May/June 2017 – Vol. 29 No. 7

Region 2, May 2014

Posted: Tuesday, May 6th, 2014

by Eric Lewis

For many of you, summer is nearly here! In the San Francisco Unified School District, our last day is May 30, so we can really feel summer’s approach. As I reviewed all of the amazing events that are happening in our region this month, I realized how many great opportunities there are to get more professional development for your personal science content knowledge AND your classroom pedagogy. This month, we are focusing California Classroom Science on earth and ocean sciences (and physics!). There are so many new and exciting science experiences to have in our region that can support your learning and your students’ experiences in your classroom. Be sure to share relevant opportunities with other teachers, students, and parents.

Don’t forget to encourage your colleagues to join CSTA. I’m hoping that we’ll have the opportunity to grow our organization and expand to meet your needs and your colleague’s needs. To that end, please feel free to email me directly so that I can represent your questions and concerns with the CSTA board as a whole.

Advertisement

Advertisement

There are many, many science opportunities in the Bay Area. Please visit here to see a year round calendar of events in our area. Some events to remember:

Free Entry Days at:

Bay Area Discovery Museum, First Wednesday of the month
UC Botanical Gardens, First Thursday of the month
Oakland Museum of California, First Sunday of the month
California Academy of Sciences, Quarterly free days. The next is June 1st, 2014
Exploratorium, Free Days, Selected days: May 11th, September 28th, October 12th

Star Parties:

Houge Park Star Party, May 2, 9pm–11pm, May 23, 9:15pm-11:15pm
Starry Nights Open Space at Rancho Cañada del Oro Open Space Preserve, Morgan Hill: May 17th, 9pm – 11pm

Super-cool Science Parties:

Night Life, Thursdays, 6-10 pm, at the California Academy of Sciences
After Dark, First Thursday of the month, 6-10 pm, at the Exploratorium

Highlighted Events in May:

The Cosmic Cocktail: Three Parts Dark Matter
Monday, 5/5/14, 7:30 PM – 9:00 PM
California Academy of Sciences, 55 Music Concourse Drive, San Francisco

The ordinary atoms that make up the known universe, from our bodies and the air we breathe to the planets and stars, constitute only 5% of all matter and energy in the cosmos. The remaining 95% is made up of a recipe of 25% dark matter and 70% dark energy, both nonluminous components whose nature remains a mystery. Speaker Katherine Freese will recount the hunt for dark matter, from the discoveries of visionary scientists like Fritz Zwicky, the Swiss astronomer who coined the term “dark matter” in 1933, to the deluge of data today from underground laboratories, satellites in space, and the Large Hadron Collider. Theorists contend that dark matter consists of fundamental particles known as WIMPs, or weakly interacting massive particles. Billions of them pass through our bodies every second without us even realizing it, yet their gravitational pull is capable of whirling stars and gas at breakneck speeds around the centers of galaxies, and bending light from distant bright objects. In this talk Freese will provide an overview of this cosmic cocktail, including the evidence for the existence of dark matter in galaxies. Many cosmologists believe we are on the verge of solving this mystery and this talk will provide the foundation needed to fully fathom this epochal moment in humankind’s quest to understand the universe.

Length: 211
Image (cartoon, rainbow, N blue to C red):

Speaker: Katherine Freese, Professor of Physics, University of Michigan
Cost: $12 General, $8 Members, $10 Seniors
For more information, visit their website, email info@calacademy.org or call (415) 379-8000.

The Attacking Ocean: The Past, Present and Future of Rising Sea Levels
Monday, 5/12/14, 8:00 PM
Mountain View Center for the Performing Arts, 500 Castro Street, Mountain View

Trained as an archaeologist and anthropologist, Brian Fagan’s interests have shifted in recent years to an historical investigation of climate change and rising sea levels. His latest book, The Attacking Ocean: The Past, Present and Future of Rising Sea Levels, describes how earlier societies adapted to rising water and how the increase in sea levels today impacts the lives of city dwellers and farmers around the world.

Individual tickets available 2/1. Click here for series ticket information.
Cost: $22
For more information, visit their website, email here or call 650-903-6000.

The Golden Shore – California’s Love Affair with the Sea

Tuesday, 5/20/14, 7:00 PM – 9:00 PM
Bay Model Visitors Center, 2100 Bridgeway, Sausalito

The Golden Shore has also been named one of the ‘10 Best Literary Travel Books of 2013′ by Booklist, the magazine of the American Library Association.

The Pacific Ocean significantly defined California’s storied history, from the San Francisco Bay to Monterrey to San Diego. Helvarg will discuss how Californians have related to the Pacific over time through commerce, national defense, energy and exploration. Helvarg will trace California’s progress from a late maritime frontier where people exploited and polluted the ocean to a world leader in coastal protection, marine science, innovation and wildlife restoration, and will discuss how – or if – the modern California model for living well by the sea can be exported around the world. In addition to being an award-winning author, Helvarg is the founder of the ocean conservation group Blue Frontier.

Speaker: David Helvarg, Author
Cost:$5 recommended donation towards student research grants
For more information call (415) 332-3871 or visit their website.

Written by Eric Lewis

Eric Lewis

Eris Lewis is high school area science support in the San Francisco Unified School District LEAD office.

Leave a Reply

LATEST POST

CSTA Annual Conference Early Bird Rates End July 14

Posted: Wednesday, July 12th, 2017

by Jessica Sawko

Teachers engaged in workshop activity

Teachers engaging in hands-on learning during a workshop at the 2016 CSTA conference.